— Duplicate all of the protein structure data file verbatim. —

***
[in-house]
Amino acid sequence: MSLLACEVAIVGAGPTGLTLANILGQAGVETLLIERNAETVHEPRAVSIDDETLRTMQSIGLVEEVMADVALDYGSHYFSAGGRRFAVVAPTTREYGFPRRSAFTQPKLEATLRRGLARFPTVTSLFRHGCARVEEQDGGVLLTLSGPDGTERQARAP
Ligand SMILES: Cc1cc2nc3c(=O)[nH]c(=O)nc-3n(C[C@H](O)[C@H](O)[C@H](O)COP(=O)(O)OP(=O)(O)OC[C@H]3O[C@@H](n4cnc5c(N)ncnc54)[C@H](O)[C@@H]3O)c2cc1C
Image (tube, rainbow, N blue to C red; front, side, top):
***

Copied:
[in-house]
Amino acid sequence: MSLLACEVAIVGAGPTGLTLANILGQAGVETLLIERNAETVHEPRAVSIDDETLRTMQSIGLVEEVMADVALDYGSHYFSAGGRRFAVVAPTTREYGFPRRSAFTQPKLEATLRRGLARFPTVTSLFRHGCARVEEQDGGVLLTLSGPDGTERQARAP
Ligand SMILES: Cc1cc2nc3c(=O)[nH]c(=O)nc-3n(C[C@H](O)[C@H](O)[C@H](O)COP(=O)(O)OP(=O)(O)OC[C@H]3O[C@@H](n4cnc5c(N)ncnc54)[C@H](O)[C@@H]3O)c2cc1C
Image (tube, rainbow, N blue to C red; front, side, top):